This announcement isn’t particularly good news for Google Cloud. In the healthcare cloud services market, Google lags significantly behind AWS and Azure. That doesn’t mean, however, that Google hasn’t been successful in landing deals, sometimes with major and well-known hospital systems and healthcare providers that are quietly embarked upon.

One of the most well-known Google healthcare deals, is currently facing a significant knock from privacy advocates. That is Google’s partnership with the Ascension hospital network, a Catholic chain of 2,600 hospitals, doctors’ offices, and facilities, that involves moving Ascension’s on-premise data centers to the Google cloud.

The partnership, code-named Project Nightingale, also involves a massive data project. The project analyzes data including lab results, medications, and diagnoses from patients of St. Louis-based Ascension, spanning patients in 20 states and the District of Columbia — involving some 50 million patient records. The goal of the project is purportedly to use Google’s artificial intelligence tools to recommend changes to a patient’s care, treatment plans, recommend additional physicians, etc., all without notification to the patients involved. For a deeper dive on that front, check out this podcast interview featuring Christina Farr, a tech and health reporter for CNBS and Reset podcast host Arielle Duhaime-Ross: Google just got access to millions of medical records. Here are the pros and cons.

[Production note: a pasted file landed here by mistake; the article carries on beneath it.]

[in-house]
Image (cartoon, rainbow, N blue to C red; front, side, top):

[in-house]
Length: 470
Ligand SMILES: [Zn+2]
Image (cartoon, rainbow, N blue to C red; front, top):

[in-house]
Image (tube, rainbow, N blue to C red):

This isn’t the only partnership Google has struck with health systems, including partnerships with the Mayo Clinic, Utah-based Intermountain Healthcare, Stanford University, the University of California San Francisco, and the University of Chicago and many other hospitals and healthcare providers.

Some of these agreements allow Google to access complete patient medical records, including names, dates of birth, medications, and diagnoses. It also means that Google is amassing a gigantic database of patient information, stored on its own servers, that is accessible to and analyzed by physicians, researchers, nurses, and likely Google staffers as well. All without any patient knowledge, consent, or ability to control.

What Google Says About Its Push into Healthcare: We Only Want to Do Good!